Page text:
Although there are monthly variations in the number of foreclosures around the country, it is usually not difficult to figure which states will be the leaders. Arizona continues to rank in the top three, but there are a few surprises in the national distressed sale numbers. In mid-March, the top ten states with the highest foreclosure rates (based on foreclosure filings in February 2009) were:
|Rank||State||# of Housing Units|
|1||Nevada||1 in every 70 housing units|
|2||Arizona||1 in every 147 housing units|
|3||California||1 in every 165 housing units|
|4||Florida||1 in every 188 housing units|
|5||Idaho||1 in every 358 housing units|
|6||Michigan||1 in every 360 housing units|
|7||Illinois||1 in every 369 housing units|
|8||Georgia||1 in every 389 housing units|
|9||Oregon||1 in every 446 housing units|
|10||Ohio||1 in every 451 housing units|
Colorado and New Jersey have fallen out of the top ten in 2008 and are now ranked number 11 and number 29, respectively, but I suspect Colorado will reappear in the top 10 soon. Ohio, which was ranked with the highest amount of foreclosures in recent years, dropped to number 10 in the third quarter of 2008 and held steady at number 10 during the first quarter of 2009. However, the ratio of foreclosure filings in Ohio has dropped from 1 in every 417 housing units in the third quarter of 2008, to 1 in every 451 housing units in 2009.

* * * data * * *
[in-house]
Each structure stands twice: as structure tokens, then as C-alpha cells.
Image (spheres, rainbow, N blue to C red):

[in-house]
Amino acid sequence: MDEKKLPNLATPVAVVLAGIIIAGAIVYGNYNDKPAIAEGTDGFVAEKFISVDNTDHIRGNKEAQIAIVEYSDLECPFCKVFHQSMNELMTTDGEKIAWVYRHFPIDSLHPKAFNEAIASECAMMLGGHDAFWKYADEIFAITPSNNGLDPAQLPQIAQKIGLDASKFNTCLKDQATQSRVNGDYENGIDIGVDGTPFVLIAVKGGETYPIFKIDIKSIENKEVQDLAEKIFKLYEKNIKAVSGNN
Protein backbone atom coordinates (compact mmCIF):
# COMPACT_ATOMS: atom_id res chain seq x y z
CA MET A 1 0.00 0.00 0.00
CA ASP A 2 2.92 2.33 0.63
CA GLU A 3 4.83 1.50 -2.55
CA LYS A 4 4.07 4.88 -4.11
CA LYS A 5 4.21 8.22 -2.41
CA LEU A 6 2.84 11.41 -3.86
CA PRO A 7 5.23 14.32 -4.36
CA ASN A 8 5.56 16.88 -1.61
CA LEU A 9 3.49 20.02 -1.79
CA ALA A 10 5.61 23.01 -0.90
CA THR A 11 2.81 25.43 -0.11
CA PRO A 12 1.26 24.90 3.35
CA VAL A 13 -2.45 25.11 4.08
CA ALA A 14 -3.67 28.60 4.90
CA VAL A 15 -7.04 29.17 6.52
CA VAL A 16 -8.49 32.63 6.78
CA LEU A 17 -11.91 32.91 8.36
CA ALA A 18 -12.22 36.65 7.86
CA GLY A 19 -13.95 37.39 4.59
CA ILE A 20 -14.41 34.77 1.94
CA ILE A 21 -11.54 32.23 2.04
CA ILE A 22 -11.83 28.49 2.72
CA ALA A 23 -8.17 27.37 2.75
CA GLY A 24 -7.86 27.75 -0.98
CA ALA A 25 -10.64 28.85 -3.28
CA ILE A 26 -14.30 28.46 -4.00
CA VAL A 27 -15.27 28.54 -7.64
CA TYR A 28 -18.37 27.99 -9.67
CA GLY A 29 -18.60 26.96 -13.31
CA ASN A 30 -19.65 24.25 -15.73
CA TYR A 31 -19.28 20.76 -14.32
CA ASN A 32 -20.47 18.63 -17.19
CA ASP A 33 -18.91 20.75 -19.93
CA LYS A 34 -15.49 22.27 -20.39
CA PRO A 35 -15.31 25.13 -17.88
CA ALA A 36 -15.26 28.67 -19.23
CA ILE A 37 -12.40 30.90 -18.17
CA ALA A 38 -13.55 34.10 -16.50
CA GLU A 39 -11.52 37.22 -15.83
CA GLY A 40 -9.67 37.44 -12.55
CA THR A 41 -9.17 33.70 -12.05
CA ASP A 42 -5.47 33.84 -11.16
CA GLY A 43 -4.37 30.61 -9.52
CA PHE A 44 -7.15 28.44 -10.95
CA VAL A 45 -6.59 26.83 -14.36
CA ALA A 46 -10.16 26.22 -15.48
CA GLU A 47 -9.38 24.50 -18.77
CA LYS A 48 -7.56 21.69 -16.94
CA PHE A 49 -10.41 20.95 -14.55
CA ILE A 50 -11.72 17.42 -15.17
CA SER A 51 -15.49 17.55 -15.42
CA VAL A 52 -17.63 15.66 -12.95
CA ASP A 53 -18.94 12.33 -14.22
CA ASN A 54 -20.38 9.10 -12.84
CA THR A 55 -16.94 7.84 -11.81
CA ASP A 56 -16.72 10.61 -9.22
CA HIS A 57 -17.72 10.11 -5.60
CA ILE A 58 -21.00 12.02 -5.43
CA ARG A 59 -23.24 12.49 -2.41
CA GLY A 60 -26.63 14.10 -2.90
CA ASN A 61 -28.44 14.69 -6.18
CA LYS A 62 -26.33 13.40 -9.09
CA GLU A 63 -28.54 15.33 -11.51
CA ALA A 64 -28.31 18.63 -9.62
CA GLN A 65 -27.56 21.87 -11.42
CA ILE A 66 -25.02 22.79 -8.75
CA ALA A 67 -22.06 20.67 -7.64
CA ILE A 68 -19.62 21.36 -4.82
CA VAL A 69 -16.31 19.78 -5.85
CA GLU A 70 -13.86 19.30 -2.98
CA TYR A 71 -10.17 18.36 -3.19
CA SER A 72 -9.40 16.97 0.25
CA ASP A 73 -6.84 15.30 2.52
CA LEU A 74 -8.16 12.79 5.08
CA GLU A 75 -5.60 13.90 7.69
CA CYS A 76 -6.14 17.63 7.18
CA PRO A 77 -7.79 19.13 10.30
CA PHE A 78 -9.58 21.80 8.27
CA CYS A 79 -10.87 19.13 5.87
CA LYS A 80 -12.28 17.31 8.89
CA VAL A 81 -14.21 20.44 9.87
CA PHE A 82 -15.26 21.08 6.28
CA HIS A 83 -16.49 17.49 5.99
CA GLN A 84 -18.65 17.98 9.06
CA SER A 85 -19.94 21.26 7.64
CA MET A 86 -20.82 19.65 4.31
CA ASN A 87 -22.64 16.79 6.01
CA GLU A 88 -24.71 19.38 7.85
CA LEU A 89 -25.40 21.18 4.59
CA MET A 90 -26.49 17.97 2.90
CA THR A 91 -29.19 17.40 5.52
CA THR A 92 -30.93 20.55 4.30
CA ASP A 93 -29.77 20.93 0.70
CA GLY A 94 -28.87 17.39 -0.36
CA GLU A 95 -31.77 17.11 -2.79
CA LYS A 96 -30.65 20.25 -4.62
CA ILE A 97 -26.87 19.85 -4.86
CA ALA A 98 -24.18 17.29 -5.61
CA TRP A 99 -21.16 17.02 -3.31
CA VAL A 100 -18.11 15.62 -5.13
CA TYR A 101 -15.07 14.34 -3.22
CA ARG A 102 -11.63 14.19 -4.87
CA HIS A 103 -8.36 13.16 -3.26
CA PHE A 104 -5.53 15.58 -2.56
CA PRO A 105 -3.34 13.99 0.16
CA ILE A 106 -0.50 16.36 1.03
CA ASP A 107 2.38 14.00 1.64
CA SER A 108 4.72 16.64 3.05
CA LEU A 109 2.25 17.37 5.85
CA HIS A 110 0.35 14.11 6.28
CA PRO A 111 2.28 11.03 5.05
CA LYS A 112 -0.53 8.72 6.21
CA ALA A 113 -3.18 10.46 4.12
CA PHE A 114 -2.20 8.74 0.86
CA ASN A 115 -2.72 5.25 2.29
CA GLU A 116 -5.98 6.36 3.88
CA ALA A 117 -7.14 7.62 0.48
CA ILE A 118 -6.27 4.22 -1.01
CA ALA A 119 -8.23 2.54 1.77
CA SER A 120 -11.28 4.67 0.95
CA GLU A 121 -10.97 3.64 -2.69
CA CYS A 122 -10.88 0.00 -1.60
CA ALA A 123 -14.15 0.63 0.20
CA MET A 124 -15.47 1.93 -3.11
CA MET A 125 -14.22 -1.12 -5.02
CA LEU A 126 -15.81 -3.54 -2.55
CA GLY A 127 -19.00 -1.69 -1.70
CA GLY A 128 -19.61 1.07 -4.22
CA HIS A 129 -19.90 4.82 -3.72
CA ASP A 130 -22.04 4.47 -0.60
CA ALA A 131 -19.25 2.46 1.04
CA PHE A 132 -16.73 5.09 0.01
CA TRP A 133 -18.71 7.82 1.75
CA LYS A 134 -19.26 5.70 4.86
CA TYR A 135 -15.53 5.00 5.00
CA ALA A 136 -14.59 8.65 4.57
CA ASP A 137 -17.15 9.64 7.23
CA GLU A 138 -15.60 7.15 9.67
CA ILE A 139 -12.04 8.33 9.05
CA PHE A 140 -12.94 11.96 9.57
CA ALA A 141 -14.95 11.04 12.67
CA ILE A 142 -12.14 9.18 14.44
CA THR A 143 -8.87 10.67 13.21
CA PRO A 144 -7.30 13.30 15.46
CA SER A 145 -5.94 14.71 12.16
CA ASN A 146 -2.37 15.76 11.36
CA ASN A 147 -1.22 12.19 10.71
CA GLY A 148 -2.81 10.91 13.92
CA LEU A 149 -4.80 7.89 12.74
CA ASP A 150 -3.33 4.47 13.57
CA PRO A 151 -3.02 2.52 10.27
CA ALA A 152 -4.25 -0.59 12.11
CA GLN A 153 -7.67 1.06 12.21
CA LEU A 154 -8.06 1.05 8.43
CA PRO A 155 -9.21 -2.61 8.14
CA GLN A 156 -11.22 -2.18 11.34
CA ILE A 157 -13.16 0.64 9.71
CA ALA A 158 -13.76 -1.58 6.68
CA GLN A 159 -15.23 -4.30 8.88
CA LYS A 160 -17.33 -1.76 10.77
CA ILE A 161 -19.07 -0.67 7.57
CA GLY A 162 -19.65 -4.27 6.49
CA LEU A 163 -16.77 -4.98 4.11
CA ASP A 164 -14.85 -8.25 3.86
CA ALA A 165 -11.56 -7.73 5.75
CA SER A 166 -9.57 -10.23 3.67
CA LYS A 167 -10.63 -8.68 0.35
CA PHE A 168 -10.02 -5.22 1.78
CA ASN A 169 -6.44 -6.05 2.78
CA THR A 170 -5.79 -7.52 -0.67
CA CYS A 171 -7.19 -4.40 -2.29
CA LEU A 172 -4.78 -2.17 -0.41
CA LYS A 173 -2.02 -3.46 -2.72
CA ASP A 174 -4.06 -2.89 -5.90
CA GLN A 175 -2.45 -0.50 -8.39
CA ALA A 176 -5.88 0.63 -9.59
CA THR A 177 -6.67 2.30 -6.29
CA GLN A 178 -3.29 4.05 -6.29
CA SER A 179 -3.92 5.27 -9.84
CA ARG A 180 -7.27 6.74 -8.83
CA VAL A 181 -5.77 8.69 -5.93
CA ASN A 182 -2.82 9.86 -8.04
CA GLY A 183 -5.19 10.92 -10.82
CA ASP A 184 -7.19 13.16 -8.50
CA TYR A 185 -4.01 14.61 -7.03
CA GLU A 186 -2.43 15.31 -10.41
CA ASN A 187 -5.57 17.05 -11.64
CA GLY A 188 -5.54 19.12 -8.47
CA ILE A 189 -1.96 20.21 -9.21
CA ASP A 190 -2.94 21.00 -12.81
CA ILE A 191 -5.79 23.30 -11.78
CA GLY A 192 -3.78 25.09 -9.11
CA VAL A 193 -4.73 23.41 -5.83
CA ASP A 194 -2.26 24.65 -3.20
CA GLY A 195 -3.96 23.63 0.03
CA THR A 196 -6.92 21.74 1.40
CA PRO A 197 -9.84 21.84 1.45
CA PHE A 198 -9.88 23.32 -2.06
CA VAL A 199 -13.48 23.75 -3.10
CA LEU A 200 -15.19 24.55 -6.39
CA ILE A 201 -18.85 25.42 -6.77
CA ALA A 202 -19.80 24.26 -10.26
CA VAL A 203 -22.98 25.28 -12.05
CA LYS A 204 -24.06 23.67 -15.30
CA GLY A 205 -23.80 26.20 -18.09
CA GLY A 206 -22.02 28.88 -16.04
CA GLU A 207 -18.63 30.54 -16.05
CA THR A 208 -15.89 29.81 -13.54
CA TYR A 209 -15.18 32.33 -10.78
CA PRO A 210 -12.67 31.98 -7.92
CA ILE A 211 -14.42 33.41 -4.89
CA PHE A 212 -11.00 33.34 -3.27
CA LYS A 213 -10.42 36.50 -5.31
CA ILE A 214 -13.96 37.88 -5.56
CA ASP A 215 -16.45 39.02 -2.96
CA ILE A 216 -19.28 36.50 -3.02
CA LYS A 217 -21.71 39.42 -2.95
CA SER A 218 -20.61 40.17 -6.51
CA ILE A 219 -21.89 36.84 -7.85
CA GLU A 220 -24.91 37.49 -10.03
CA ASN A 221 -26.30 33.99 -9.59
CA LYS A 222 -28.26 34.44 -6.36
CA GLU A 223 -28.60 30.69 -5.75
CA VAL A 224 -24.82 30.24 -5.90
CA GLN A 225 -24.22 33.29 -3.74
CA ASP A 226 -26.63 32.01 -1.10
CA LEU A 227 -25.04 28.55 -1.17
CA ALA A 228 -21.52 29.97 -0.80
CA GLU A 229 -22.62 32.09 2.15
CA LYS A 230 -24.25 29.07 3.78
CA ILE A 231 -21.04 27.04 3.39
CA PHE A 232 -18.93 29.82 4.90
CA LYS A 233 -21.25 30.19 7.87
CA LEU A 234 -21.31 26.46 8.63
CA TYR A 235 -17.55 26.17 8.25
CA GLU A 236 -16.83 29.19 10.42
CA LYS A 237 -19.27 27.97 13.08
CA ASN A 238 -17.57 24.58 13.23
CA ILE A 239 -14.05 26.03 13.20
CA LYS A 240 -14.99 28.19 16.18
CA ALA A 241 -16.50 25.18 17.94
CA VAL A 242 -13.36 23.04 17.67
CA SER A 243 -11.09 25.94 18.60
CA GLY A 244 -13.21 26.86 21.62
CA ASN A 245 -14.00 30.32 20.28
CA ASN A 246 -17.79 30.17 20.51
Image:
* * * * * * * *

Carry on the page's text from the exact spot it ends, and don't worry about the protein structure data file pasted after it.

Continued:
That Michigan is in the top 10 is no surprise, but Idaho? Maybe the answer to that mystery is that the number of vacation homes that have been built there. As we have seen in the metropolitan Phoenix area, second or investment homes are the first properties to be let go in a rapidly declining real estate market and depressed economy.
States with the lowest foreclosure rates in the first quarter of this year include Nebraska at number 50, Vermont at number 49 and South Dakota at number 48. No doubt that reflects the modest growth that those states experienced in recent years, and perhaps the prudence of their residents.